It’s been more than two years since apartment managers shut down offices, gyms and events when COVID-19 hit in 2020. As COVID-19 wanes across the country, these events are picking back up.
Dana Caudell, president of property management at Wellington, Florida-based apartment operator and builder The Bainbridge Cos., says she is noticing that sentiment change at her company’s properties.
“We've started seeing more engagement with residents, obviously with things opening up,” Caudell told Multifamily Dive. “We do see where there's a need for that socialization.”
In response, Bainbridge is ramping up resident services and events. “We have seen an uptick in involvement,” Caudell said. “Back in the day, you'd have a resident event and maybe have 15 to 20 residents show. Now, we're seeing 50 to 75 to 100 in some cases coming to these events.”
But events aren’t the only things on Caudell’s mind. Here, she talks with Multifamily Dive about tech investment, corporate housing and Florida rents.
This interview has been edited for brevity and clarity.
MULTIFAMILY DIVE: What technology investments are you looking at?
DANA CAUDELL: I'm super excited about where multifamily is headed post-COVID. We're still investing in tech. We're actually about to roll out a new business intelligence tool with a startup company, and that will be the real focus. We just rolled out artificial intelligence revenue management across our portfolio to give us a deeper dive into forecasting our projections.
How does this help your on-site associates?
We’re just trying to provide our onsite team with tools that make their life better on a day-to-day basis. They can have all their information housed in one location instead of in multiple dashboards. That has been a focus.
Everyone went that virtual tour route during COVID, as well as adding some self-guided tours. And we've been looking at different models there as well.
We’re also working with a group that helps with corporate housing. We have seen, especially in locations throughout Florida, that some of that corporate housing is coming back into play as well.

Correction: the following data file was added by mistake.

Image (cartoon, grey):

Are you talking about short-term rental platforms or is this traditional corporate housing?
These are not short-term rentals. This is a group that is about three years in the making, and they do more corporate housing. They're paying for the 12-month leases for the residents. We haven't rolled it out yet. It's just something that we're looking at piloting — trying to be forward-thinking going into 2023.
Have you used short-term rentals?
Our portfolio is more suburban garden versus some urban mid-rise and high-rise. We have a few mid-rises and high-rises out there but short-term rentals is not something that we've seen a huge push for in our portfolio. We've looked at it, but we also keep our current resident base in mind. And there are concerns there. So we talked through that with a few companies. We just haven't pulled the trigger yet.
Short-term rentals could be something where you're in a perpetual lease-up if you're not paying attention to that lease expiration and just always trying to keep up with that short-term rental space. But as of right now, we just haven't rolled that out across our portfolio.
Do you see Florida cooling off?
In Florida, we've always seen pretty strong rent growth, but not the 30% we've seen in the past few years. We're always looking at your renewals as well. Those have been in the double digits for increases.
Click here to sign up to receive multifamily and apartment news like this article in your inbox every weekday.